Like Rob Gordon, the character played by John Cusack in the film adaptation of Nick Hornby’s High Fidelity, I love a reorganisation. The only fun part of moving house is getting to pack, unpack and reorganise your treasures.
And it is getting to be quite a job. When they are all relatively neatly placed on bookshelves they don’t look so oppressive. But when they are all stacked on the floor they look overwhelming and my 14-month-old daughter standing next to them looks like Godzilla amongst Tokyo’s skyscrapers.
It prompted my wife to say, again, that we have too many books; a thought that depresses me. Especially when I look at the books I don’t have and haven’t read yet. Classics like Kristin Lavransdatter, The Decameron and the works of Tagore. There are Asian classics, an area I have badly neglected, like The Mahabharata, The Romance of Three Kingdoms and The Sea of Fertility. I don’t have Beloved or Three Men in a Boat or any Virginia Woolf. There’s Money by Amis, Generation X by Coupland, Underworld by DeLillo, even The Princess Bride! There are series like A Series of Unfortunate Events, The Accursed Kings and A Song of Ice and Fire. Not to mention all the books I want to buy for my daughter and that I want to read about raising a daughter.
And what about all the non-fiction? The many books of history, biography, science and philosophy I don’t have and am dying to read are too long to list.
My wife is probably right and to be fair we donated, I would estimate, about 100 books during the move. I will be parting ways with the memoirs of John McEnroe and Eric Clapton I’ve read, some of the lesser titles of Stephen King and Michael Crichton and some even trashier pop fiction titles I am ready to let go of. I’ll also ditch some books that were considered to be somewhat literary, but I disagreed and did not particularly enjoy, like Pigeon English and The Book Thief. My wife is ditching the novels of Robert Galbraith, John Green, Philippa Gregory and Henning Mankell that she’s read. But mostly we are ditching the classic books that we have two copies of since we married and merged our collections – mostly Dickens’, Brontes, Austens and some others.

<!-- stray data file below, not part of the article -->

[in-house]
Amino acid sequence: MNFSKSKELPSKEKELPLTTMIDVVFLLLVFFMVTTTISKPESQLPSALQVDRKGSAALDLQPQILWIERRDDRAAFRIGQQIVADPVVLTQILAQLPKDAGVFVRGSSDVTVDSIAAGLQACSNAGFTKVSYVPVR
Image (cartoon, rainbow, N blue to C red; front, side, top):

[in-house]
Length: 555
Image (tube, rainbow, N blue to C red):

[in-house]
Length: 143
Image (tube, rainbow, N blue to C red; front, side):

But anyway onto the reorganisation. At the suggestion of my wife, I am ditching our old method of categorising our fiction books into classics, modern classics and contemporary literature and instead one big shelf will contain all our fiction (plays and poetry as well as novels) alphabetically by author. This also means we no longer keep all our Indian and Russian fiction separately. There is still no place for the pop fiction of Stephen King, crime novels, fantasy and sci-fi or for any Shakespeare; they will still live in boxes in a closet somewhere. That big bookshelf now looks like this:
The bookshelf is two-sided, which is annoying. Maybe one day we will live somewhere a bit more open-plan and can use both sides and enjoy double the shelf space it currently offers.
Our shelf for history and biography is still pretty much the same, but is less chronological. Instead we’ve categorised into sections and then alphabetically by author within each section. The sections are Ancient History, Medieval and Renaissance, Modern History, WWII and the Holocaust and Non-Historical Biographies. Unfortunately, I can’t share a picture of it – the lighting in its new home does not favour a good photo.
That leaves the rest. On three shelves that used to house our fiction we’ve put our books into sections for Science and Math, Religion and Philosophy, Economics, Art and Indian Non-Fiction. There is also a section of Children’s books. Mostly Dahls, Pullmans and Rowlings of my wife and I as well as the Puffin Classics I have recently begun collecting for when my daughter is a bit older. The shelves also contain the Jeeves and Wooster series by Wodehouse, Documentary DVDs, as well as a section of ‘Other’ Non-Fiction – trivia, pop-culture, and some other odds and ends. On top of these shelves are various large hardcovers.
That is it for our reading room, but it doesn’t even cover all the books we have. As mentioned, we have a couple of storage boxes full of the books we are neither willing to part with or able to find room to display. My wife’s Agatha Christie collection sits on shelves in her office. And our daughter has about three small boxes full of age-appropriate books that she loves to pull out and flick through.
As difficult as it was as a bibliophile to part with some of the books I gave away, some things were harder to deal with. My wife gave away a copy of George RR Martin’s A Game of Thrones; a book she never got around to reading and can’t see herself reading anytime soon. I didn’t argue; I would love to read the whole series someday, but I’m happy to wait until the series is completed before I do, especially with all I have to read already. A week after we moved, my wife decided to ditch the book she was currently reading as she found it boring and admitted that she hasn’t been able to stop thinking about A Game of Thrones since she gave it away, especially since the most recent season of the TV series just finished! So much so that, as soon as she got a free half an hour, she sped to the mall to get a new copy! And I’m the one with a book problem?